Moves to impeach Thai PM
Bangkok - Opposition leaders moved to impeach Thailand's prime minister on Monday for his handling of rioting and violence in Bangkok, and an army official said the capital would remain under curfew for another week as a precaution against further unrest.
The impeachment measure and a move to censure top Cabinet officials was expected to be easily defeated. But it reflects deep rifts that divide the country after two months of protests that left at least 88 dead and the Thai capital in flames.
With traffic once again choking the Bangkok streets, the stock exchange, schools and many offices opened for the first time after a week of government-ordered holidays.
Thousands of residents bearing mops, brooms and rubbish bins joined in a citywide effort to clean up after the riots.
Still, authorities in charge of the government's crisis response centre said they would propose extending a late-night curfew on the capital, which remains under a state of emergency, and other volatile areas for another week or so.
"The purpose of the curfew is to separate the terrorists from the public," said army spokesperson Sansern Kaewkamnerd.
He said the late hours of the curfew would not cause significant disturbances to the public.
The Cabinet was to meet on Tuesday to approve the extension.
Opposition whip Wittaya Buranasiri said the motion to impeach Prime Minister Abhisit Vejjajiva was introduced by the opposition Pheu Thai Party - allies of ousted former leader Thaksin Shinawatra, whom the anti-government Red Shirt protesters generally support.
It also sought to censure several of his top Cabinet members.
Members of the Pheu Thai allege Abhisit and his deputy prime minister abused their power in using force in their crackdown on the protests.
The motions underscore a growing political and social rift that has opened up since the Red Shirt movement swept into Bangkok in March, demanding Abhisit resign and call early elections.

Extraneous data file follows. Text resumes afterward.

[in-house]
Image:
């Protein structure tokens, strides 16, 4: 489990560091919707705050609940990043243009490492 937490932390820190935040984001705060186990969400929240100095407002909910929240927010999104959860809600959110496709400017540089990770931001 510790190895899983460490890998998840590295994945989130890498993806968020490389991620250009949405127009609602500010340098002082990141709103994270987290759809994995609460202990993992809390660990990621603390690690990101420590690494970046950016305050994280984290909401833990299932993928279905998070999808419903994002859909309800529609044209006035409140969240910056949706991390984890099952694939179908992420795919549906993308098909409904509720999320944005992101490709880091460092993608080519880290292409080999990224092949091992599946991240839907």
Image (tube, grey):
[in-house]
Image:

The Red Shirts want Abhisit out because they claim he came to power illegitimately with the help of back-room deals and military pressure.
The latest round of unrest came to a head when Red Shirt protesters moved into Bangkok's central business district, building bamboo-and-tire barricades and controlling checkpoints that crippled one of the city's most important shopping and tourism areas.
While the protests themselves were generally peaceful, several shootings and grenade attacks were blamed on a militant Red Shirt wing. Two military crackdowns led to deadly street clashes between soldiers and protesters.
At least 88 people - mostly Red Shirts who were shot - died in protest-related violence.
Red Shirt leaders caught
All but one of the top Red Shirt leadership were in custody on Monday after the surrender of two more key figures. Another leader was expected to surrender on Tuesday.
"There are no reports about a new gathering and I don't think there will be a new gathering," said Vichai Sangprapai, the metropolitan police commander.
But the nation's deputy prime minister warned the movement behind the protests is still a threat. Abhisit has also accused Red Shirt followers of planning further protests and violence.
Hoping to appease the protesters, he earlier this month offered to hold elections on November 14 but that plan fell through when Red Shirt leaders made more demands.
Abhisit now says elections will not be held until the threat of violence is completely quelled.
Elections are seen as a key step toward healing the divide between supporters of the Oxford-educated Abhisit and the Red Shirts, who are made up mainly of the urban and rural poor.
In a bit of good news for the government, it was announced on Monday that Thailand's economy grew at its fastest pace in 15 years in the first quarter as exports recovered.
But the government's National Economic and Social Development Board said the unrest will hit tourism, slow household spending and private investment, and cause delays in government spending.
The number of tourists this year is likely to fall short of the 16 million target by 3 million, which would represent an 8% fall from 2009, the agency said.
Revenue from tourism will be about $3.5bn short of expectations.
Thai stocks were down 2.77% Monday despite gains in most other Asian markets.